The next day, we explored some of the recognized and unrecognized Bedouin villages of Israel. After visiting Umm al-Hiran, I almost ran out of hope. I cannot follow any sort of rationalization for not recognizing people and where they live. They are there. Period. Not recognizing that they are there doesn’t mean that they aren’t there. You can dislike that they are there all you want, and you can even debate whether or not they should be there, but simply not recognizing them doesn’t make sense to me. I mean, you can drive there. So, the town is there, and when you get there, you see and speak to the people there. Adding to that is the idea of demolishing what the residents of Umm al-Hiran have built for themselves [which, by the way, how are there demolition orders for a community that “doesn’t exist” / is unrecognized?] in order to build a Jewish community in the same place and name it Hiran just furthers my confusion and, at the time, made me ready to throw in my hope towel. What is happening in this place that I love so much? It seemed like the opposite of all the Jewish values I hold so dear to my heart, and the opposite of tikkun olam. This is not repairing the world… it’s actively demolishing it. When I first wrote this post, I wanted to believe that, with this issue, there is hope, because all it would take is to just not demolish these peoples’ homes and to ‘recognize‘ them, right? I thought. I hoped. But then I read this. And then this. And now I see how difficult this situation is, and how hard it is to have hope in its resolution.
“When you want something, all the universe conspires in helping you to achieve it.” -Paulo Coelho, The Alchemist
I went back to Israel because I fell in love with a place that was at war. I wanted to be a part of finding a better way. I wanted to have a meaningful role in tikkun olam. It is true that I learned and saw a lot that hurt my heart and damaged my hope while living in Israel. But I’m grateful that even at moments when I thought all hope was lost, I still got to be a part of projects that restored my hope enough to keep on keeping on when life got hard.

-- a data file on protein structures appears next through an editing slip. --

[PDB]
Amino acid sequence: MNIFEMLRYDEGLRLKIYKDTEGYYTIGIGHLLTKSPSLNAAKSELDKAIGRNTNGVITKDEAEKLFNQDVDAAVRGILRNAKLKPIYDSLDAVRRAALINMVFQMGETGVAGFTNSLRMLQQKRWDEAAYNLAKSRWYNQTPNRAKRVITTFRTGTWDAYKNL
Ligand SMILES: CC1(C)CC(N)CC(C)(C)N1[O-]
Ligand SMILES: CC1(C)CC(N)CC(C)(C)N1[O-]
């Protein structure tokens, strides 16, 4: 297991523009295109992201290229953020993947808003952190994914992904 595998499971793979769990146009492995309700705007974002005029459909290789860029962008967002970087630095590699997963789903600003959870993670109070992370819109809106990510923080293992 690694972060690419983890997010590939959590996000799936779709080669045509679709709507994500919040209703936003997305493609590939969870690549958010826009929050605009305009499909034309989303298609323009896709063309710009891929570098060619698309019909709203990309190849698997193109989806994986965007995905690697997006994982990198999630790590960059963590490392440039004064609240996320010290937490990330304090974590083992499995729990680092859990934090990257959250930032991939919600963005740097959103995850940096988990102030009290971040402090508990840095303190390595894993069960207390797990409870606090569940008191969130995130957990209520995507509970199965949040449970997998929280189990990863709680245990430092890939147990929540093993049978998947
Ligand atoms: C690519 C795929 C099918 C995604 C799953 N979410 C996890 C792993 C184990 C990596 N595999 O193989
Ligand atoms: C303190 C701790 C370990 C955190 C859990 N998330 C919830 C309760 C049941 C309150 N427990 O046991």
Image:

The first project I was involved with was at Yad b’Yad, the Hand in Hand School for Jewish and Palestinian children. I was there to teach English, but the kids taught me so much more. I’ve written about some of my experiences there before, but it’s worth sharing more. One day, I met the first Orthodox Jewish student to attend the school. He and his friend, Mohamed, were working on an assignment together on the couches in the hallway where we usually sat between classes, so I joined them. After a few minutes of observing and listening, I said hello. The Jewish boy asked me how I knew he spoke English, and I told him that I didn’t know, that I just simply don’t know Hebrew or Arabic, so I always speak English. We had a nice conversation, and then I asked what he and his friend were working on. They were writing a letter together, alternating between Hebrew and Arabic. If that isn’t proof positive that Israeli society can be a shared one, and coexistence is possible and practical, then I don’t know what is. I’m sure that little boy didn’t think for a second about working with Mohamed, he just did so because he’s another boy in his class – a friend. The good news is that more and more parents want to send their kids to a Hand in Hand school all across Israel, and they are constantly growing their institutions. The fact that Israelis recognize the importance of bilingual schools like Hand in Hand gives me a lot of hope.